In chimpanzees and bonobos, the pattern of fusion of the os coxa is the same as humans, but the timing in growth and maturity occurs earlier. Although only small sample sizes are available to identify the age of fusion in the os coxa, it has been shown that the ischium and pubis unite anteriorly to form the ischiopubic ramus between 1 and 4 years of age in captive bonobos, captive chimpanzees and wild chimpanzees. Similar to humans, the ilium is next to fuse to the ischiopubic portion around 7 years of age in captive bonobos and chimpanzees, while data from wild chimpanzees suggest fusion between 5 to 11 years of age. Complete fusion of the acetabulum in wild chimpanzees occurs by the age of 12.5 years for females and 14.5 years for males, while captive chimpanzees exhibit an earlier age of fusion with complete fusion for females by 9 years of age and males by 13 years of age.

There are few fossil juvenile hominins to base the age of fusion in the os coxa. One example comes from the Nariokotome youth (KNM-WT 15000). Recent work on the histological data of the dental remains suggests an earlier estimated age of the individual. This suggests that the later age based on skeletal elements is really indicating that early hominins achieved a greater proportion of adult body mass, stature and maturity before modern humans.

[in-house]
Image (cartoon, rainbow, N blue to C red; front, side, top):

Universality in Human Populations: 

In all modern human populations the growth, development, pattern of fusion and age of fusion is the same. The difference in the age of fusion occurs between males and females, with females skeletally maturing earlier than males.

Related MOCA Topics
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Referenced By:
Title Certainty
Pelvic Height and Iliac Flare Likely

References

  1. Skeletal development in Pan paniscus with comparisons to Pan troglodytes., Bolter, Debra R., and Zihlman Adrienne L. , Am J Phys Anthropol, 2012 Apr, Volume 147, Issue 4, p.629-36, (2012)
  2. Dental and skeletal growth in early fossil hominins., M Dean, Christopher, and Lucas Victoria S. , Ann Hum Biol, 2009 Sep-Oct, Volume 36, Issue 5, p.545-61, (2009)
  3. Ontogeny and phylogeny of the pelvis in Gorilla, Pongo, Pan, Australopithecus and Homo., Williams, Frank L. 'engle, and Orban Rosine , Folia Primatol (Basel), 2007, Volume 78, Issue 2, p.99-117, (2007)
  4. Skeletal and dental growth and development in chimpanzees of the Tai National Park, Cote D’Ivoire, Zihlman, A. L., Bolter D. R., and Boesch C. , Journal of Zoology , Volume 273, Issue 1, p.63-73, (2007)
  5. Heterochronic processes in human evolution: an ontogenetic analysis of the hominid pelvis., Berge, C , Am J Phys Anthropol, 1998 Apr, Volume 105, Issue 4, p.441-59, (1998)